"First I lost my right hand. I told myself I could do transcriptions of Bach, and then I lost my left hand, too. And then I didn't know where I could go. At that time I realized that I could conduct. And that was the importance of Bach in my life: He kept me alive."
—from an interview with pianist Joao Carlos Martins, in BACH & friends
In 2010, we celebrate the 325th anniversary of Johann Sebastian Bach's birthday. Filmmaker and Peabody alumnus Michael Lawrence (BM ’70, Guitar) released a new documentary this year, BACH & friends, which features performances by and interviews with great musicians from around the world. When I watched the film, the interview with Joao Carlos Martins made me stop and go back to catch every word. Martins, a Brazilian pianist who had recorded the complete keyboard works of Bach, talked movingly about giving up his career as a concert pianist in the face of terminal physical setbacks, and how Bach's music gave him the strength to keep going. The interview's power illustrates what makes BACH & friends such an important tribute.
For many musicians, Johann Sebastian Bach is the gold standard. Born in Eisenach, Germany in 1685, Bach began singing in church choirs and studying organ at a young age. Over the course of his professional life, he served as a church Kantor and as Kapellmeister for noble patrons, working with both sacred and secular music. As Kantor in Leipzig, he composed as much as one cantata per week, an extraordinary output, especially given the individuality and artistry of each piece. Bach is also considered the greatest master of fugue, a compositional form of the baroque era that requires both meticulous structure and great creativity. These two elements characterize all of Bach's work.
Hailing from Indianapolis, filmmaker Michael Lawrence had his first musical training playing folk guitar and bluegrass banjo. He was introduced to Bach's music when he heard a recording by the Swingle Singers and, as he said in an interview about BACH & friends, "just fell in love with Bach, even though it was a foreign world." After deciding to pursue classical study, he attended Peabody and graduated in 1970 as a member of guitar faculty member Aaron Schearer's first graduating class. Lawrence's career then took him to film composition and filmmaking, where among other projects, he helped make the documentary Quiz Show Scandal—which later became Robert Redford's Hollywood film Quiz Show. After developing a number of projects for network television, Lawrence decided to focus his career on projects of personal significance.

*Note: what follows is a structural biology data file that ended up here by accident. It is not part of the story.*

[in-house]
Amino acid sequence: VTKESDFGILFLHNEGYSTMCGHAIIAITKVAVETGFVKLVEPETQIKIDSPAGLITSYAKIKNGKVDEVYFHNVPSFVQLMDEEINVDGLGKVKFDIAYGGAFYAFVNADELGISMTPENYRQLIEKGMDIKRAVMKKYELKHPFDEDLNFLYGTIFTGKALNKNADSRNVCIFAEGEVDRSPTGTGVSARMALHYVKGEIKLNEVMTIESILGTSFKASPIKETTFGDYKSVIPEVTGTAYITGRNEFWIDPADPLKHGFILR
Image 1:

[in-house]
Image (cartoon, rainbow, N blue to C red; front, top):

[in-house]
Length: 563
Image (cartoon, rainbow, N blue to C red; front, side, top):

BACH & friends, released in May 2010 to great critical acclaim, is one such project. Lawrence pulled together an all-star group of Bach interpreters to perform and discuss Bach's music, including Peabody alumnus Felix Hell (AD ’07, MM ’08, Organ), guitar faculty member Manuel Barrueco (BM ’75, Guitar), and Preparatory alumna and internationally famous violinist Hilary Hahn. For Lawrence himself, making the film was a journey, a chance to pay tribute to his musical hero. It's clear from all the interviews that the performers have the same deep connection with Bach's music.
Lawrence's chosen performers cross all genre boundaries. One segment of the film features crossover artists, including bassist Edgar Meyer, banjo great Bela Fleck, and folk mandolinist Chris Thile. They each talk about how Bach's music shaped their musical understanding, how they perform it and introduce new audiences to it, and their connection with it. Thile imagines Bach in heaven, composing new music in a closet with a bottle of brandy, the way he did in life. Fleck talks about how Bach's music is "the way we all wish we improvised," noting that compared with the bluegrass in which Fleck specializes, Bach's music sounds even more modern and surprising. Meyer sums it up with, "Ain't nobody like Bach." As a classical musician myself, I was struck with how important this crossover work is, and how these performers are reaching new audiences to keep Bach's music strong and alive.
Another segment of the film talks about Bach's compositional style and his penchant for improvisation. Jazz singer Bobby McFerrin suggests that Bach would have loved the "accidental improv" that comes from mistakes in performance. Bach thought that music should be "always asking, a constant quest," and McFerrin notes that performers shouldn't be "too hung up on technique and perfection." Pianist Uri Caine agrees, saying that for Bach, music making was natural; performers need to keep that sense of freedom and authenticity, Caine asserts. All of this was a different perspective on Bach's music for me. Hearing these musicians discuss it, I gained a new sense of the freshness and vitality of familiar pieces, and a new way to think about performance.
It's easy to see why both critics and audiences have loved BACH & friends. The movie invites us to look at the music in a new way, to understand Bach as a human being with an extraordinary gift, who created work that is still alive and vibrant three centuries later. Lawrence has created a beautiful tribute for Bach's 325th anniversary year.